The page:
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JAMAICA | Prime Minister asked to intervene into dispute at the Port of Kingston

Featured People’s National Party (PNP) Shadow Minister of Transport and Works, Mr. Mikael Phillips People’s National Party (PNP) Shadow Minister of Transport and Works, Mr. Mikael Phillips
Kingston, Jamaica, January 10, 2019: The Shadow Minister of Transport and Works, Mr. Mikael Phillips, is calling for the immediate intervention of Prime Minister Andrew Holness into a dispute at the Kingston Container Terminal that is threatening the shutdown of the ports if not resolved swiftly.

Mr. Phillips said the operations at the Port of Kingston could be affected by industrial action as early as Monday, January 14, 2019, when Shipping Association of Jamaica (SAJ) will withdraw the provision of lashing services to vessels calling at the port, which are owned or operated by the non-compliant shipping lines.

Jamaica’s stellar record of industrial harmony is now at risk, the Unions representing the workers follow through on their notice of industrial action, Mr. Phillips said.

He said the dispute over the non-payment of lashing services, a vital element of the stevedoring services, charged by the SAJ to shipping vessels at the port is untenable.

According to Mr. Phillips, the SAJ is claiming that it has exhausted all available channels and remains open to further dialogue, but the outstanding amount owed to the Association must be remitted immediately to prevent the withdrawal of services to shipping vessels entering the ports of Kingston.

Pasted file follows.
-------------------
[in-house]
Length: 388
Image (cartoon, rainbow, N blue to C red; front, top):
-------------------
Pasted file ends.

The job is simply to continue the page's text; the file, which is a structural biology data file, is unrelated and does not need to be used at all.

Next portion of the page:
The Shadow Minister said the government has been aware from as far back as June 2016 of the nature of the dispute between the SAJ and at least two of the major shipping lines using the ports. He said the failure to put forward a formula to resolve the impasse now threatens to disrupt trade and commerce, and the livelihood of the many users of the facility if not resolved before the current ultimatum expires.

Mr. Phillips said he decided to make this public call on the Prime Minister as the portfolio Minister to intervene after receiving information from multiple sources that any form of industrial action at the facility at this time would impact negatively on the country’s reputation and would bring the entire operations of the port into disrepute.

“This dispute has been languishing for too long, involving mediation and court action, but it can be resolved if given the necessary focus and priority,” he said.


  • Countries: Jamaica

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